Stinger suits, sails, and sunsets
10/5/14 - 13/5/14
Another 'must-do' as you travel the East Coast of Australia is go sailing in the Whitsundays. Made up of 74 islands, it's simply gorgeous, and the Southern start of the Great Barrier Reef. Featuring one of the purest, whitest beaches in the world, it's the kind of trip you cross your fingers for full sun!
There are many boats and tours to choose from, day trips to overnight or even two or three night trips, from party boats to hopefully non-party boats. Ansley (another American that I met in New Zealand and have kept in contact with) had recommended Ragamuffin (a 3 day, 2 night trip), as that was the one she'd done and had loved it. It's a 53' Admirals Cup yacht, and it looked awesome. Although I did actually choose this one and reserve it, it ended up being a slow week and there wasn't enough people booked for that boat to sail, and I got switched / upgraded to Solway Lass. Built in Holland in 1902, she's a classic tall ship with lots of history and the tour was for 3 days and 3 nights!
We boarded after dinner the first night and motored out of the harbour and into the Whitsundays for a couple hours, before anchoring for the night. Obviously rooms and beds are small, since we're on a boat, but luckily we were only 13 people, on a boat with a capacity to sleep 32. This meant it was mostly 2 people to a room of 4, and gave us a little more room than if it'd been packed. The boat itself is 127' including the bow sprit, and 20' beam, two masts and 12 sails (though the most we had set were 3).
Hmm, I can't believe I didn't take any pictures below or of the berths!
Since it was dark when we left the harbour, we were anxious to wake up and see where we were. We woke up to this...
Our first stop of the day was Whitehaven Beach. The pristine, super white, famous beach I mentioned before. We anchored on the other side of the island and hiked over to the beach. We got to wear these awesome, sexy, stinger suits for the water since it was still stinger season. There are some intense jellyfish (such as the box jellyfish and the irukandji) that you don't want to mess with.
The clouds and sun alternated, providing us with everything from storm clouds (complete with rain!) to sunshine and blue sky. It was great to see the difference the sun made, all in just a half an hour!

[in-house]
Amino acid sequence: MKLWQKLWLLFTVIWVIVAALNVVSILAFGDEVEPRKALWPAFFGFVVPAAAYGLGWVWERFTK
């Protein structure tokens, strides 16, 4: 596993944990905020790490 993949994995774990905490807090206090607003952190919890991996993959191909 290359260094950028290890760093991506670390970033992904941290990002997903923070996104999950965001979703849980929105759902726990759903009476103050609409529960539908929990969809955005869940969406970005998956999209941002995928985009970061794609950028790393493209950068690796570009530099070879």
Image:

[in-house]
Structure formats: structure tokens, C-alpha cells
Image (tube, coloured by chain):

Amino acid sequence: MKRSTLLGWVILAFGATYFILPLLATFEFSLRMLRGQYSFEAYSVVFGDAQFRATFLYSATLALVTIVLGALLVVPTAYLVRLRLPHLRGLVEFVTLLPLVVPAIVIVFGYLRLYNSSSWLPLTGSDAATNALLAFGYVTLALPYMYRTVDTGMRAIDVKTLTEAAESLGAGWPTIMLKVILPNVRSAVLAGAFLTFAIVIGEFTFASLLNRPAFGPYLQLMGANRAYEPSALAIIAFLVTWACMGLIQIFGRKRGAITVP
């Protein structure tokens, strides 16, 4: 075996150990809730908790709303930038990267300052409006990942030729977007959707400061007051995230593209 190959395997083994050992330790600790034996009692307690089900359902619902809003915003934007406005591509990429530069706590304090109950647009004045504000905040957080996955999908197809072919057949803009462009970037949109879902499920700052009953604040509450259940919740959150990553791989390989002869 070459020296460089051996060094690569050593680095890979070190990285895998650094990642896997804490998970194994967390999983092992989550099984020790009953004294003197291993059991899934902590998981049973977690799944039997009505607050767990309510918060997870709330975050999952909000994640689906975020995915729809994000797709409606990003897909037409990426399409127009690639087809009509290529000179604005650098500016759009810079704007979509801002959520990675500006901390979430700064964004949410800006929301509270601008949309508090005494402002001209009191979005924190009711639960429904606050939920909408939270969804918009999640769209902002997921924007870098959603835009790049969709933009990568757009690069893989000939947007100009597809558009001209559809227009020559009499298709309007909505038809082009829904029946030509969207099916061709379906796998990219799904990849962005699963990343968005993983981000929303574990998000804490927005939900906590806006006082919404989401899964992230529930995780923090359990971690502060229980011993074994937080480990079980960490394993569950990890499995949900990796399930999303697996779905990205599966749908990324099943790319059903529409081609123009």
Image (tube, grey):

After we'd spent some time at the beach, we headed up to a lookout point. Unfortunately, there were tons of people about and everyone was so focused on 'getting that perfect picture' that no one seemed aware that everyone else was trying to do the same thing. Which led to lots of frustrated people. We were also on a time schedule because of the tides, we had to get back to the beach or we wouldn't be able to get back to the boat!
That afternoon we set the sails and the sun came out for a lovely afternoon sail. Off the bowsprit was a net you could hang out on, though it wasn't the most comfortable, it was certainly the most awesome place to hang out, and that's where I spent most of my time!
Our second day was the snorkeling (and diving if you added that extra) day. I'd been very torn with the diving option, it was additional money, but I'd heard really good things about the area (again, from Ansley). I did decide not to dive, and save that for when I'm farther north, and from what everyone who went diving said, I totally made the right call. Apparently there was barely any visibility and they didn't even see many fish.
We did do a bunch of snorkeling and saw tons of fish. The fish were definitely used to people, some boats (including ours) were even feeding them (at least it was “Great Barrier Reef Approved Fish Food”). I was a little disappointed in the state of the coral, it didn't look so good. My guess was it was too popular of a place with all the boats going there and people not used to having fins continually got too close. Our boat didn't even give out fins to swim with, saying most people damage the coral with them.
That afternoon we went to another snorkeling spot, but this one had less visibility and we didn't really see much. By that point we were also getting cold and a lot of us didn't stay in the water very long.
Our third, and final day, involved a bush walk up to a lookout and then an afternoon sail back to the harbour. The weather didn't really cooperate that day and was pretty overcast and rainy. But still such an awesome trip! And of course I felt like I was on a boat still that night and even felt like I was swaying the next day